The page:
Morecambe has changed. There’s something in the air. There’s the smell of fish and chips (with lots of salt and vinegar on the promenade), there’s the sound of the seagulls attacking children for their fish and chips, and there’s a clear lack of smoke – well inside bars, cafes and restaurants that is.
The smoking ban across the UK in 2007 almost overnight improved the health of a nation. Couple that with the ever-increasing tax on cigarettes and it makes a pretty compelling case for giving up smoking or never starting in the first place.
The problem lies in trying to give up. Now this assumes that a smoker really wants to give up and is finding it difficult. There are plenty of smokers who say they don’t want to give up too. I’m not sure if this is because they are worried about failure, unaware of all the health risks or simply stubborn and don’t want to be told what to do.
The truth is, while endangering their own health is one thing, smokers also have a moral obligation to protect people around them from the danger of second hand smoke. In cases where they have children, smokers should consider the unsavoury thought of what effect any related illness they get would have on the upbringing of the child.
For smokers who want to quit, Mark Twain has some advice, “It’s easy to quit smoking; I’ve done it hundreds of times.”
After doing some research myself I came across a common theme that may prove more useful than Mark Twain’s advice – the theme is that there seems to be five important elements of any quit smoking plan.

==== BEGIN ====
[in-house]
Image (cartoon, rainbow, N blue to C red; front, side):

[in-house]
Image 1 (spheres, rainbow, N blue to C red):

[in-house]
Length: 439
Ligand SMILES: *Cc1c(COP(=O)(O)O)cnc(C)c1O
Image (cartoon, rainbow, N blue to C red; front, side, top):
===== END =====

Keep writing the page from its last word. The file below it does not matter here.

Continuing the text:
- If severely addicted, use nicotine replacement products (like gum/patches) to gradually reduce your body’s exposure.
- Seek advice and support from loved ones, people who have been successful at quitting and from your doctor. Having a mentor can really help keep you going especially at your times of weakness.
- Identify the triggers and your moments of weakness where relapsing seems likely. Next, develop strategies/contingencies to deal with these situations. A strategy could be to write in a journal and write why it’s important to you to give up at the time when you are feeling weak. Or you could chew a lollypop or call your granddaughter.
- Measure and record your success. If you don’t record how many you are smoking and reducing (or for how many days you haven’t smoked) then how can you truly know how successful you’ve been?
- Read the health reports about how smoking damages your health. Look at the images of diseased gums, lungs and of amputated fingers etc. Read the reports on the risks including heart attacks and strokes.
Morecambe is a healthier place with fewer smokers and you can be a healthier person if you set your mind to it and make the first step in quitting smoking. Why not do it today?
Photo Credit: sk8geek